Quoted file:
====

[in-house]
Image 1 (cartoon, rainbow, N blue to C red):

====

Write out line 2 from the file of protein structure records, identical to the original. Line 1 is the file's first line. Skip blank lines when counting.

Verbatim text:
Image 1 (cartoon, rainbow, N blue to C red):